UFC 265: Ciryl Gane becomes first French-born UFC champion

Matt Dionne
FiredUp Network Sports Writer

@PunIntended92

Thursday, August 12, 2021


Just as quickly as it began, the Francis Ngannou era is now over… sort of.

On Saturday (August 7), Ciryl Gane took on Derrick Lewis for the UFC’s interim heavyweight title.

Gane opened the first round targeting Lewis’ leg with kicks, a strategy that appeared to work, as the former heavyweight title challenger seemed completely uninterested in checking them.

In the second round, Lewis seemed content to let Gane control the pace—he mostly stayed in the mid-range and waited for an opening to try and land his big right hand and end the fight.

However, Gane did an excellent job of controlling the distance, and using his range to land strikes on Lewis and avoid his big counter shots.

In the third, Gane continued attacking Lewis’ lead leg, and he was able to use a vicious leg kick to set up a big right hand that hurt Lewis, and drove him back to the cage.

From there, “Bon Gamin” landed a nasty one-two combo that dropped Lewis and Dan Miragliotta was forced to call off the fight as the Frenchman rained ground-and-pound shots down on "The Black Beast," who was barely defending himself.

With the win, Gane becomes the first French-born champion in UFC history.

This belt isn't just for me; it's for my coach, my gym, my country, and the fans back home,” Gane said in the post-fight press conference.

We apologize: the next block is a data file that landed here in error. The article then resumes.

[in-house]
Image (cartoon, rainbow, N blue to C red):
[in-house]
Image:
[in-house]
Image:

When asked when he hopes to fight Ngannou in a unification bout, Gane said he doesn’t expect it to happen anytime soon.

“I don’t know when that fight will happen. I've trained a lot over the last year and I have a baby on the way, so I want to rest for a bit and spend some time with my family,” he said. “Maybe towards the end of the year.”

Gane looked incredibly quick on his feet in the fight, and, while Lewis is a larger, more plodding heavyweight, Gane demonstrated a quickness and agility that few (if any) other fighters in the division possess.

However, while Gane is now a UFC champion—albeit interim—he’s aware he still has work to do. “Francis Ngannou is still the champ and I feel like if I want to prove I am the best I need to beat him,” he said. 

Ngannou looked very good in his last fight with Stipe Miocic, but Gane’s speed and precision could present problems for “The Predator,” who has struggled with his cardio in fights that have lasted longer than one round.

Cover photo courtesy of the UFC via Twitter